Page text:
How are students preparing for work?

Jan 23, 2024 | Attraction & marketing, Home Featured, Research

Prospects Early Careers Survey provides useful insight into how prepared students are for work and what they’re doing to ease their transition, explains Paul Naylor, Prospects graduate recruitment expert at Jisc.

At ISE’s HE Conference we shared some insights from our annual Early Careers Survey on career planning, which have implications for university careers service teams as well as employers.

The survey of nearly 5,000 students and graduates reveals a large proportion of students feel behind when it comes to preparing for the world of work. Many students are still failing to find work experience and there’s a decline in those accessing careers services.

Preparedness for work

Of the respondents who had been actively seeking employment in the last 12 months, 66% indicated that they felt prepared for their next step – up from 59% last year.

Despite this, more than a third (35%) said they were unprepared and undergraduates were more likely to express this (46%) than postgraduate students (26%).

Furthermore, students with a disability felt less prepared (44%) than those without (30%). Those who identify as neurodivergent were also more likely to feel unprepared (42%) than those who identify as neurotypical (30%).

HESA’s Graduate Outcomes survey shows that graduates with a disability are less likely to be in employment 15 months after graduation than those without a disability.

And the employment rate for autistic people is particularly low, with just 29% estimated to be in full or part-time employment, despite research by the National Autistic Society revealing that most autistic people want to work.

These findings emphasis the importance of a transparent recruitment process and employers making any support available during the interview process and beyond highly visible.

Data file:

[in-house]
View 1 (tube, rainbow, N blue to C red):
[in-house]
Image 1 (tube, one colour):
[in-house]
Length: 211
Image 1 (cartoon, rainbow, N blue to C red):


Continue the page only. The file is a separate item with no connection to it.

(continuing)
Gaining work experience

Work experience can help students and graduates feel more work ready and those who undertook some form of it felt more prepared for a job (69%) than those without any (56%).

However, more than a quarter of undergraduate students said they hadn’t managed to get any kind of work experience. Despite the return of many employers offering opportunities after the significant drop during the pandemic, 24% of respondents indicated that finding work experience was one of their biggest challenges of the year.

It’s important that employers continue to offer the chance for students to gain work experience, internships and/or placements, and for careers support to highlight the employability benefits. The majority of employers (72%) agreed in ISE’s Student Development Survey that graduates who completed an internship or placement arrived with better skills and attitudes than other graduates.

Engaging with employability activities

There were noticeable differences in levels of preparedness between those who had taken part in careers activities, with 75% of those attending job interview sessions feeling prepared for a job compared with 62% of those who hadn’t. Feelings of preparedness were also higher among those who attended talks by employers (72%) and job fairs (70%) with those that didn’t feeling less prepared (64% and 63% respectively).

However, compared with last year’s data, we can see a clear decline in engagement with all forms of employability activities. Nevertheless, nearly half of university students 44% said that they had formally engaged with a careers advice session. The top three activities university students were most likely to engage with were talks by staff, careers events such as job fairs and guidance on job applications.

Careers websites such as were by far the most common source of careers advice that respondents consulted, followed by family, friends, and social media.

However, while their advice was sought after less often, respondents indicated that industry and careers professionals were more helpful than other sources of careers advice.

Employers who open their doors to students to find out more about them through providing access to staff, business lectures and engagement with the curriculum will help prepare students for employment and smooth the transition into the world of work.

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